This morning’s Writer’s Almanac poem is just right..an unusually shaped poem which fits my current understanding of Holy Saturday, that waiting and wondering through a hard time, searching for mystery and light, resurrection.

I’m listening my way through the day with Lucinda Williams and her friends on Pandora, awaiting the arrival of a two week visitor from Spain and my children, Easter Sunday with extended family tomorrow. Today, though, is a day of quiet and work and solitude.

Midmorning my gal calls, home from a week away with her stepmom and step cousin to Harry Potter World in Florida, only  a few texts from her all week to let me know she is happy and she loves me, but this morning, she wants full on FaceTime, and in spite of her call last night and the reminders on both our e-mails this morning from AT and T that she is nearing her data limit, we Facetime while I wash dishes and she shows me her nail polish and we pick out the sweater and shoes she’ll wear tomorrow, plan the usual basket hiding tradition, to be cleared with her dad, who has never been much for even this secular tradition of Easter.

For the first time in many years I didn’t color eggs. I wasn’t in the mood in the day care early in the week. The school wasn’t the place to do it. Home on my own it seems a bit silly. That’s ok. I’ve had lots of years to color eggs, will have many more. The golden egg dye in the box on my counter is possibility enough for now.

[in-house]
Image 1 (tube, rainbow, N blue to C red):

Here’s the poem, to give you an entry point to the holiness of waiting. Spring will come.  For a person sleeping erratically, the poem helps with that, too.

SATURDAY

Mar. 30, 2013

The Writer's Almanac with Garrison Keillor

 LISTEN

Spring

by Jim Harrison

Something new in the air today, perhaps the struggle of the bud
to become a leaf. Nearly two weeks late it invaded the air but
then what is two weeks to life herself? On a cool night there is
a break from the struggle of becoming. I suppose that’s why we
sleep. In a childhood story they spoke of the land of enchant-
ment.” We crawl to it, we short-lived mammals, not realizing that
we are already there. To the gods the moon is the entire moon
but to us it changes second by second because we are always fish
in the belly of the whale of earth. We are encased and can’t stray
from the house of our bodies. I could say that we are released,
but I don’t know, in our private night when our souls explode
into a billion fragments then calmly regather in a black pool in
the forest, far from the cage of flesh, the unremitting “I.” This was
a dream and in dreams we are forever alone walking the ghost
road beyond our lives. Of late I see waking as another chance at
spring.

“Spring” by Jim Harrison, from Songs of Unreason. © Copper Canyon Press, 2011. Reprinted with permission. (buy now)

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